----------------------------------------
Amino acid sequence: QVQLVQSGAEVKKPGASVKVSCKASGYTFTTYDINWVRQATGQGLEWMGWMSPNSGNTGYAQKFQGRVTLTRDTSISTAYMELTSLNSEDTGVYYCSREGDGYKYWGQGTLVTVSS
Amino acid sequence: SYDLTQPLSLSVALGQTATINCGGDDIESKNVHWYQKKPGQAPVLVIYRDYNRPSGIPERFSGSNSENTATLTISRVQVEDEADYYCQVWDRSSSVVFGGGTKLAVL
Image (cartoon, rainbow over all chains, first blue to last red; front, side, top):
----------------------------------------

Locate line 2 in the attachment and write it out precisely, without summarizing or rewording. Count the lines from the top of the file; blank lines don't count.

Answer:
Amino acid sequence: SYDLTQPLSLSVALGQTATINCGGDDIESKNVHWYQKKPGQAPVLVIYRDYNRPSGIPERFSGSNSENTATLTISRVQVEDEADYYCQVWDRSSSVVFGGGTKLAVL